“Screw You Acne!!!”

I know, I dealt with this for a decade, and I’m sure you have to.

Nobody will ever know the length we go to take care of our skin, they will only be able to judge us for what they see on the surface, and this haunts us.

We try everything and nothing seems to work. It’s the same day in and day out.

We cry, kick, scream and curse the world and our genetics for making us suffer.

When will it end?” is the question we always ask.

This website was created in order to help people get rid of acne once and for all. I’ve suffered mild to severe acne and used everything from Accutane to Zinc. There are several things that help, but most don’t. I hope that with this site I can’t cut through the bogus and help you find what really works.

Over the years I’ve found that the one of the most important facets of any acne regimen is consistency. Without consistency, we are vulnerable to allowing acne to rsurface. This means that in order to get rid of acne you are going to have to be extremely dedicated and disciplined. There is no quick fix for acne, nor is there a ‘one size fits all’ method, but there is a way.

The other most important aspect is time. While I have found supplements like cod liver oil do wonders in days, that may not work for everyone. Maybe you’ll need Accutane (although both contain high levels of Vitamin A). Whatever it is that works for you, stick with it!

How long will it take to get rid of acne?

Like I said, it could be a few days, but more likely it will take a few months. Most people don’t have the willpower to do something consistenly for that long and therefore still suffer from bad skin. Although, in many cases people just don’t know what to use. Either way, this site will ‘cure what ails ya’.


How many times a day should I wash my face?

Washing our face has become synonymous with treating acne. Because we associate good skin with being clean, and bad skin being dirty, the natural assumption would be that washing our face would help get rid of acne, and the more times the better.

This couldn’t be further from the truth.

In order to understand how to get rid of acne, we must understand what causes it. I believe that acne is caused by either hormonal imbalances, exposure to harmful toxins and substances, and vitamin deficiencies; science supports this for the most part. Nowhere in medical journals does it advocate that acne is caused by excess exposure to dirt. If acne were caused by dirt and soot a lot more people would have pimples.

So not only is advocating washing your face multiple times per day unncessary, but it’s also harmful for two reasons:

  • Dry Skin/Imbalance: Excessive washing of the face will both dry out your face and….
  • Excess exposure to chemicals: I like to limit the amount of man-made products that go on my face. Wherever I can afford to cut back I will, and in this case I wash my face with Cetaphil once a day, if that.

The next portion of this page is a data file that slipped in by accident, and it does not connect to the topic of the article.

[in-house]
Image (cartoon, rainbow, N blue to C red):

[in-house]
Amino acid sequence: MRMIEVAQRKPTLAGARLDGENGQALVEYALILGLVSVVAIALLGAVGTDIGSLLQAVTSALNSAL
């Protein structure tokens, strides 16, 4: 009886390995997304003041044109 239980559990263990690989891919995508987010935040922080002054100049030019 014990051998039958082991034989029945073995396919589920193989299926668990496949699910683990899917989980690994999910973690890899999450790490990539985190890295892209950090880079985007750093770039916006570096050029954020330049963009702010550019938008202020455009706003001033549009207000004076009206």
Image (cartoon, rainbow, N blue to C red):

(all derms agree that over-washing can lead to irritation and a lack of moisture. The rule is to use common sense: Always wash your face after a workout to prevent breakouts, and wash excessively oily skin morning and night. For very dry or sensitive skin, stick to cleansing once daily in the evening.)

Also, please note that when I’m using the term washing your face it assumes that your using a cleanser. You can wash your face more often with just water, but again, more doesn’t mean it’s better.

So should I stop washing my face altogether?

No, and here’s why.

While  I don’t think dirt, soot and things of that nature cause acne, exposure to harmful chemcias can. You may not realize it, but anytime you set foot outside you are potentially being exposed to these chemicals.

Things like exhaust fumes are everywhere and definitely do not have a positive impact on the body. This is something people a hundred years ago didn’t have to deal with.

In addition that, excessive sweating and use of makeup are unnatural to an extent and therefore have the potential to cause acne.

This is why I don’t entirely dismiss washing your face, I just want to set the record straight in that excessive face washing does more harm then good?

So how often should I was my face?

It depends of course, but my recommendation is 0-2 times per day. Here’s what I do: On days I workout I’ll wash my face with Cetaphil Gentle Cleanser directly after the workout (I usually finish in the early afternoon), and then if I feel like I need it I’ll splash some cold water on my face at night.

So when I say wash your face 0-2 times per day, that’s a maximum of one time per day with a cleanser.

I never understood the concept of washing our face in the morning. It’s not like we’re rolling around in our own filth, assuming we regularly clean and change our bed sheets. And even if we were rolling around in our filth that probably wouldn’t impact our skin much anyway.